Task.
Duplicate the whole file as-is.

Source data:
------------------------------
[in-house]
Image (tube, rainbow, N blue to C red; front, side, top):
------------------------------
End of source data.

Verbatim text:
[in-house]
Image (tube, rainbow, N blue to C red; front, side, top):